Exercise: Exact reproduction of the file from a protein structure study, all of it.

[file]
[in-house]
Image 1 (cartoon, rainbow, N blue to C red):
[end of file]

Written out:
[in-house]
Image 1 (cartoon, rainbow, N blue to C red):